Head & Neck Cancers

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Head & Neck Cancers Facts

Most head and neck cancers are found in people over age 40. Men are two to three times more likely than women to have head and neck cancer, although rates in women have been rising along with their growing use of tobacco and alcohol. The number of cases related to HPV, the same virus that causes cervical cancer in women, seems also on the rise.

Patients at Seattle Cancer Care Alliance (SCCA) have access to the advanced care of the Otolaryngology-Head & Neck Surgery Center at University of Washington Medical Center (UWMC) that attracts hundreds of new patients each year and performs complex reconstructions with great results. In 80 percent or more of the cases, the doctors can save a patient's larynx or voice box.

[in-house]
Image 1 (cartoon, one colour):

Every year, some 350 new head and neck cancer patients are evaluated at UWMC. A multidisciplinary Head and Neck Tumor Board, which includes head and neck surgeons, reconstructive surgeons, dental surgeons, radiation oncologists, medical oncologists, neuroradiologists,, meets weekly to discuss the cases and come up with the best treatment plan for each patient. In the United States, about 48,000 people will be diagnosed this year.

If cancer is limited to the lining of your mouth and throat, it is called carcinoma in situ. When the cancer penetrates the surface lining, it's called invasive squamous cell carcinoma. If it arises from glands below the surface lining, it is called adenocarcinoma, adenoid cystic carcinoma, or mucoepidermoid carcinoma.
Read more about these cancers in the page links below:

Symptoms, Diagnosis, Risk Factors

Symptoms, diagnosis, and risk factors of head and neck cancers.